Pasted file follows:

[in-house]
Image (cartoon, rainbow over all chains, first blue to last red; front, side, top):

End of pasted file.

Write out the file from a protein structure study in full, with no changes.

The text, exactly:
[in-house]
Image (cartoon, rainbow over all chains, first blue to last red; front, side, top):